Grassley: Senators "Better not screw up Reform"

WASHINGTON (KCRG-TV9) -- Republican lawmakers have shifted focus to tax reform in the wake of their failed attempt to repeal and replace the Affordable Care Act. The tax plan-- which has yet to be written-- calls for the largest tax cut in U.S. history.

Even with a majority in the House and Senate, it's a tall order for the right. One made more difficult because of a, at times, contentious atmosphere that's developed between GOP members themselves and President Donald Trump.

"I'm not going to blame myself, I'll be honest,” said Trump, Monday. “They are not getting the job done. There are some Republicans frankly that should be ashamed of themselves."

Despite that, Iowa's Republican Senators Chuck Grassley and Joni Ernst, see a path forward. The two expect the party to see success, potentially before the end of the year with bipartisan support.

"I do think we're getting a lot of support on tax reform,” said Ernst. “I think it's very important for the American people."

And for Republicans in general, who are looking to mark down a major win following the “ObamaCare” debacle in the Senate.

Grassley highlighted the importance of getting tax reform accomplished, Wednesday, saying the pressure is on for the party.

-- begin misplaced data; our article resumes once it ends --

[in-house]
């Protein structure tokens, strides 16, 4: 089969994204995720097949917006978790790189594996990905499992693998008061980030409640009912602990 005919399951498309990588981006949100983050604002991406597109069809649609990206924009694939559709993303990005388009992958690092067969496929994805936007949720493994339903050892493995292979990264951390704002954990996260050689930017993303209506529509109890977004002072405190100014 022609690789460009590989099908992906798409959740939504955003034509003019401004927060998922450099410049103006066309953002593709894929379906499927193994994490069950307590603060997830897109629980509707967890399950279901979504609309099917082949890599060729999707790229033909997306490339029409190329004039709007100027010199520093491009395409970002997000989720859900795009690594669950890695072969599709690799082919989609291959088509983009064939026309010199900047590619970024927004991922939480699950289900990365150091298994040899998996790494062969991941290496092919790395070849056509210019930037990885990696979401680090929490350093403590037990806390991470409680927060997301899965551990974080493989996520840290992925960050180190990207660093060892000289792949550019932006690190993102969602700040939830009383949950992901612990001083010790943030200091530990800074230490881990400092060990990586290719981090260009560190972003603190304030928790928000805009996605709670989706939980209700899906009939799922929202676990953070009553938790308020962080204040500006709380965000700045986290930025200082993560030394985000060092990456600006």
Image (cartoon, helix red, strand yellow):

"People have lost faith in the Senate to be able to deliver based on what we didn't do for ObamaCare,” said Grassley. “Consequently, we best make sure we don't screw up on tax reform."

That's especially true for GOP members up for reelection in the coming year. Former White House Chief Strategist Steve Bannon is reportedly aiming to oust many of them in the Senate in an effort to place more outsiders in key positions.

"Right now, it's a season of war against a GOP establishment," said Bannon.

The good news for the GOP, the Senate is set to vote on a key budget resolution this week that will lay the groundwork for the new tax plan. The approval of 50 senators is needed— which Republican leadership thinks it can narrowly nab by the time of the vote, expected Thursday or Friday.

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